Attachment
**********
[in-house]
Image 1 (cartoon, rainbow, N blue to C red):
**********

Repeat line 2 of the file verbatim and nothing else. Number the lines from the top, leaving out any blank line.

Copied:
Image 1 (cartoon, rainbow, N blue to C red):